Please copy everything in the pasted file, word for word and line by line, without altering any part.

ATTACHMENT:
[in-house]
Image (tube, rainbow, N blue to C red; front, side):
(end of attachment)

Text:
[in-house]
Image (tube, rainbow, N blue to C red; front, side):